Drought & WaterSense
It is always important to try to use water more efficiently—but there are times when it becomes even more important, such as when drought occurs. Drought happens somewhere in the U.S. every year. In 2021 the West is seeing some of the worst drought on record, following up on severe droughts in California during the 2014-2017 period. In September 2012, 65 percent of the country, including much of the Midwest, was in drought. Drought can be considered a slow motion natural disaster. During the 2012 drought, many communities struggled to provide important water services and economic losses were in the billions.
On this Page:
- Where is Drought Today?
- The New Normal?
- Be Drought Aware
- When in Drought
- More Information about Drought
The National Integrated Drought Information System provides a weekly update of the status of drought throughout the U.S. The map is updated every Thursday and they also provide a seasonal outlook.
The New Normal?
Every year, some part of the country experiences a drought. But in some parts of the country, it seems like there is a constant state of drought, which leads the public to ask "is drought the new normal?". Temperature and precipitation (snow and rain) patterns are changing and in some areas of the country the trends are toward hotter and drier conditions, particularly in the West. The map below shows the status of drought in Arizona between 2000 and 2021. The color scale is the same as the map above. You can find the recent drought history for your state on the NIDIS site.
Communities and the public are going to have to think differently about how they use water and how they plan their landscapes to respond to these conditions. Because outdoor water use becomes an issue during drier periods, it just makes "water sense" to design and plant landscapes that are more appropriate to the changing local climate.
Maybe you are thinking, "Hey, when I turn on the tap, water comes out of it, so what is the problem?" That's probably true, because behind the scenes your local water utility is working hard to ensure that they can supply water for their community. But, the time could come when they may struggle and you might have to pay more for that water! Take the steps to be drought aware, so you can be prepared for shortages and help ensure that everybody in your community will be able to get water when they turn on the tap.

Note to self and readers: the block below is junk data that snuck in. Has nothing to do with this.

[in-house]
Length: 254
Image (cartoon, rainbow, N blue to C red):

During a drought, your water utility may ask you to limit your outdoor watering or impose other restrictions. But all members of a community can step up their savings to ensure that water is available to meet critical needs. Here are some tips to keep in mind.
- Follow the rules: Your water utility must ensure water is available to fight fires and meet other critical needs, so help your community by following the rules. They will be lifted when water shortages end.
- Look for leaks: The last thing you want to do during a drought is waste water through leaks. Look for leaks indoors and out, and if you find them, fix them.
- Consider an upgrade: A drought is a great time to consider a bathroom makeover. You will help your utility with immediate savings and save yourself money on future bills. WaterSense labeled products are a great way to save!
- Take a sprinkler break: Outdoor water use can put a lot of stress on local water supplies. You can be water-smart by letting your grass grow longer and making other maintenance adjustments. Grass doesn’t need to be green year round—you can cut back on watering and the green will return when rains return. WaterSense has lots of water-saving tips for drought resilient landscapes. If you’re interested in some quick-fix tips for the summer months, see our When It’s Hot page.
- Go the extra mile: If you want to go above and beyond in water savings, think about reusing water. You can collect water in a bucket while waiting for the shower to warm up or when washing pots, and use it to water container plants or flower beds. Use your imagination to come up with creative ways to save water or see more WaterSense tips on our start saving page.
All parts of a community can help out in a drought. The one pagers below describe some actions that specific sectors can take to save water in their community.
- Help Out in a Drought-Apartments and Dorms (pdf)
- Help Out in a Drought-Residents and Homeowner Associations (pdf)
- Help Out in a Drought-Lawn Maintenance and Irrigation Professionals (pdf)
- Help Out in a Drought-Landscapers and Garden Professionals (pdf)
- Help Out in a Drought-Restaurants and Hotels (pdf)
- EPA Drought Response and Recovery for Water Utilities
- Funding with the EPA State Revolving Funds
- Drought.gov (Drought Monitor and National Integrated Drought Information System)
- National Drought Mitigation Center
- AWWA Water Conservation and Drought Preparedness Resources